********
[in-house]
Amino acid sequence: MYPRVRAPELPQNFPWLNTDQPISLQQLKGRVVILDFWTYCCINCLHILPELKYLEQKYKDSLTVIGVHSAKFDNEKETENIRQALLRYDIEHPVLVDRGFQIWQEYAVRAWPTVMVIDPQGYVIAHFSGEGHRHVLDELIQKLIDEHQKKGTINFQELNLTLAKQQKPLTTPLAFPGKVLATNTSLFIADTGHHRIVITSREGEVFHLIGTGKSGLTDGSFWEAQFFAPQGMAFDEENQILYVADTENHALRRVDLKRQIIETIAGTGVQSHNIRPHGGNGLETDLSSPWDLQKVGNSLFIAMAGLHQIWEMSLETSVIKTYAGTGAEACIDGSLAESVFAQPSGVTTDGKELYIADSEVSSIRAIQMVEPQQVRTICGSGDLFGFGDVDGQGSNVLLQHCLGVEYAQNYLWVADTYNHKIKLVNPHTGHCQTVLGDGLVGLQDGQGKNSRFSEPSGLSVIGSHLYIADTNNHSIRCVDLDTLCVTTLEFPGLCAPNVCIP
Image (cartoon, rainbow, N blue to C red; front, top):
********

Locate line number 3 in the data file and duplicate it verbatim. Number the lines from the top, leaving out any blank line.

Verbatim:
Image (cartoon, rainbow, N blue to C red; front, top):